Rising COVID activity has led to the return of visitation restrictions for hospitals in some parts of New Jersey, the New Jersey Hospital Association (NJHA) announced on Aug. 19.
Under color-coded visitation guidelines adopted across the state’s hospitals, a system developed in November 2020 by the NJHA and adopted by hospitals statewide, the Southeast and Southwest regions of the state are now at level yellow.
Level yellow generally allows hospitalized patients to receive just one visitor at a time, with precautions such as masking and symptom screening. However, visitors are not allowed for COVID patients or those who are immunocompromised. Those circumstances include care being provided to pediatric patients or patients with an intellectual, developmental or other cognitive disability.
The visitation levels are reassessed weekly based on COVID-19 levels in the community and hospital capacity within the region. Until this month, all four of the state’s regions have been in level green since mid-May, which generally allows two visitors at a time.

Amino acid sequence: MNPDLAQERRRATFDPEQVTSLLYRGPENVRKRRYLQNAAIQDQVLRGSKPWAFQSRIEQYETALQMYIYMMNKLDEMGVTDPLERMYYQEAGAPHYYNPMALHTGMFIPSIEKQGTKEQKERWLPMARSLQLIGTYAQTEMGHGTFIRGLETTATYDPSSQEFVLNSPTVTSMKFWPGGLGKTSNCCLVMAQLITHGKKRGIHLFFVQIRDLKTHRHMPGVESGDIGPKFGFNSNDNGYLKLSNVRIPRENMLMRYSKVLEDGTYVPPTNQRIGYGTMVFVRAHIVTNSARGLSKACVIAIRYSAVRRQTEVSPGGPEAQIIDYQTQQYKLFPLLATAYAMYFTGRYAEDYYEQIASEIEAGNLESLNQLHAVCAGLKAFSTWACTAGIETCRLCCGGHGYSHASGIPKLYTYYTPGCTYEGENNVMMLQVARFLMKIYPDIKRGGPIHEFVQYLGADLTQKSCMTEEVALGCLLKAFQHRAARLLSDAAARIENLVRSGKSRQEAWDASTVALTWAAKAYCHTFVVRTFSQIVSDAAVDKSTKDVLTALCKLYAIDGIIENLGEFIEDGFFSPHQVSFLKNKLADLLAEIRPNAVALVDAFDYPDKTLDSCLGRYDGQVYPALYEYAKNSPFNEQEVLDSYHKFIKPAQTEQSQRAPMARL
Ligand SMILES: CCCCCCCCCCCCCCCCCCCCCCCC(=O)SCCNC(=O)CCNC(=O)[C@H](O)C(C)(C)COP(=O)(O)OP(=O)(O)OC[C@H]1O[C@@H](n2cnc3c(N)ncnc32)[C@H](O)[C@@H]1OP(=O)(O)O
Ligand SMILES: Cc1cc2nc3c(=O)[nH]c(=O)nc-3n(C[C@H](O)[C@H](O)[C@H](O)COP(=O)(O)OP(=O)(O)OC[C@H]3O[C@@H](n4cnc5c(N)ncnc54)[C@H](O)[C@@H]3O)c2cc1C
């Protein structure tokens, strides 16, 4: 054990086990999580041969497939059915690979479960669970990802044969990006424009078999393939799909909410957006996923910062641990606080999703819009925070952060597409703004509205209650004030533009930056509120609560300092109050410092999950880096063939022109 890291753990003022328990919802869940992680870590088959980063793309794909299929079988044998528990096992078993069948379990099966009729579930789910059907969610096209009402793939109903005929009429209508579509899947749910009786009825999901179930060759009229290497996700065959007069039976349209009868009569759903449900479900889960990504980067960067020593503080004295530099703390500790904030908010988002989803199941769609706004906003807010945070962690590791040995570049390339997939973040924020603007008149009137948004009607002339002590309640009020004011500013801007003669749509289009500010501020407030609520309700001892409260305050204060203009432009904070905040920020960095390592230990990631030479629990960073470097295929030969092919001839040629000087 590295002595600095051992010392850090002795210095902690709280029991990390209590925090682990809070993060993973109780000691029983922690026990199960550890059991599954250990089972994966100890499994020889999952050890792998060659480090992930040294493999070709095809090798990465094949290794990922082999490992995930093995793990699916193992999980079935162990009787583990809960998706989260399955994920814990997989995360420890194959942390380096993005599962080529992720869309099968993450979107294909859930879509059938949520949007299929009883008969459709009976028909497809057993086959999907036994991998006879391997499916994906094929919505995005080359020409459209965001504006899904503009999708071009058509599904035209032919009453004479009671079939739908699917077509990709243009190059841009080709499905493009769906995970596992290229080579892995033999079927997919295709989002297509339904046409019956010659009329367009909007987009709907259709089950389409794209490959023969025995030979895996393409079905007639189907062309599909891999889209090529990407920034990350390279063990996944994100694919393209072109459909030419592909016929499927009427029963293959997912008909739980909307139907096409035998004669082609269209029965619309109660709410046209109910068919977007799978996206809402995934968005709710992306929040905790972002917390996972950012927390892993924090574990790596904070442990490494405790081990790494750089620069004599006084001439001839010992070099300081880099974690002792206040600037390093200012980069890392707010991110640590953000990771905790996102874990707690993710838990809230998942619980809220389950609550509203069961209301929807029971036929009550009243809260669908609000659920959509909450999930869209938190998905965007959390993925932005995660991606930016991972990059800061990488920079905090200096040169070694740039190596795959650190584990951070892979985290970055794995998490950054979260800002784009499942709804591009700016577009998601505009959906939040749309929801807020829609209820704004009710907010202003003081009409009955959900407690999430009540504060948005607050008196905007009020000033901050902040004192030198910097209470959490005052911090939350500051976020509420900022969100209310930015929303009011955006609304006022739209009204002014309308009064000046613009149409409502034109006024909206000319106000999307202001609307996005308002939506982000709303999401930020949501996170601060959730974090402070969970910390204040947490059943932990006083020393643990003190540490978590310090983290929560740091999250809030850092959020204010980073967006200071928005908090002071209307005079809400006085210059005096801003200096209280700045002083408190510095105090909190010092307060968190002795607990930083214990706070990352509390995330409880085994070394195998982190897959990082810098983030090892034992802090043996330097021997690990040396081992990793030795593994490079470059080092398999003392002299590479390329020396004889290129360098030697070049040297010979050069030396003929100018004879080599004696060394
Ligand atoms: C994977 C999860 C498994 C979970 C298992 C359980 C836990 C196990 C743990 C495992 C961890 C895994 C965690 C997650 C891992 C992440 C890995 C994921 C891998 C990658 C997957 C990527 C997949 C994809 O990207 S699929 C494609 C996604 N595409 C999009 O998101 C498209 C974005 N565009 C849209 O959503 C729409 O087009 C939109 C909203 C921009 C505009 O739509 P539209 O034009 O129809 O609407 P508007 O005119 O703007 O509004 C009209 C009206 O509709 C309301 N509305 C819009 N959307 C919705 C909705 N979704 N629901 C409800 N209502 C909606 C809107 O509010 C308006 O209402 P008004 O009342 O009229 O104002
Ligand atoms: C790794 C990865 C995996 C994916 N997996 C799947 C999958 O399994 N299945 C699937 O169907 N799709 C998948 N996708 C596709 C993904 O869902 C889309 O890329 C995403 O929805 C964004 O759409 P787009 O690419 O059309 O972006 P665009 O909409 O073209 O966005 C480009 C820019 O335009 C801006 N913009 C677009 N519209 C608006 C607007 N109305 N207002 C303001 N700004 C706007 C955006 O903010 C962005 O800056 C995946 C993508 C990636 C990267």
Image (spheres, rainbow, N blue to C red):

The system is designed to limit COVID spread and protect those within the hospital, while also providing uniformity for patients and their loved ones.
“The added visitation precautions are triggered by the rise in COVID cases and hospitalizations across New Jersey, attributable to the highly contagious delta variant and individuals who are not yet vaccinated,” said NJHA President and Chief Executive Officer Cathy Bennett.
From mid-July to mid-August, New Jersey data show a seven-day average increase of 271.6% in new cases and 168.5% in hospitalizations. According to the New Jersey Department of Health, the delta variant accounts for 96% of cases, based on a sampling of positive tests from the last two weeks of July.
“The current trajectory of new infections shows some of the fastest spread of COVID that we have seen since the spring of 2020,” said Bennett. “The new variants are more contagious. We encourage everyone to get vaccinated to stop the spread of COVID-19 and avoid further impact to our schools and businesses, as well as our patients, visitors and health care professionals.”